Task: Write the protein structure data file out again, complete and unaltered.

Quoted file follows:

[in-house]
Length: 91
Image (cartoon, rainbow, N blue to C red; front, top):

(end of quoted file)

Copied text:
[in-house]
Length: 91
Image (cartoon, rainbow, N blue to C red; front, top):